After a new round of testing, we've added five new products and named a new Best Overall pick, the Sunbeam Velvet Plush Cozy Feet Heated Blanket.
No season is more grueling than winter. When the temperature plummets, your heating bill can really take a hit. If your sheets and comforters aren't keeping you warm enough, electric blankets are a great way to stay cozy.
However, a lot of electric blankets have thin wires, high price tags, and bad heating, so we set out to find which ones are worth it. After weeks of research and testing, we found that Sunbeam Velvet Plush Cozy Feet (available at Amazon for $163.72) is the best electric blanket you can buy. Available in a number of sizes, it offers extra heat in the foot area, plush fabric, and a five-year warranty.
Sunbeam Velvet Plush Cozy Feet Heated Blanket
The Sunbeam Cozy Feet does several things very well, starting with producing consistent, distributed heat throughout the entire blanket. Larger sizes, like the queen we tested, offer dual heating zones with separate temperature controls so that two people can both sleep comfortably. Yet even in these larger models, the Cozy Feet only uses one power cord, which isn’t true of all heated blankets this size.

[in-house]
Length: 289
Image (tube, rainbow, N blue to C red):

As its name suggests, the Comfy Feet also features independently controlled heat zones for your feet. The foot zone can be set higher than the rest of the blanket, resulting in a noticeably warmer foot pocket. For anyone with cold feet, this is the electric blanket of your dreams.
The Cozy Feet is made from ultra-soft material, with excellent stitching along its edges. The edges of the blanket are rolled, so the seams feel as soft and fuzzy as the rest of the blanket. The inside of the blanket, which contains its heat-producing electrical wiring, features a stiffer fabric. While not as pliable as other electric blankets, this stiffness and weight help keep the blanket from folding and bending on itself, protecting the wires within.
The Cozy Feet blanket weighs in at nine pounds, controllers and cables included. This makes it one of the heavier blankets we’ve tested. But the extra weight and thickness pay off. During testing, we found that it was one of the warmest blankets we’ve had the pleasure of lounging under.
During our 30-minute temperature test, with the blanket set to its highest heat level, the Cozy Feet registered a peak temperature of 91.2 ℉. This is great news for anyone that never feels quite warm enough, but it could be a dealbreaker for others. It’s heavy, dense, and hot enough that even with the heat turned off on one side, it may be possible for one sleeper to make the other feel too warm. Still, it’s a minor possible downside to an otherwise great top pick.
Sunbeam Microplush Heated Blanket with Digital Display Controller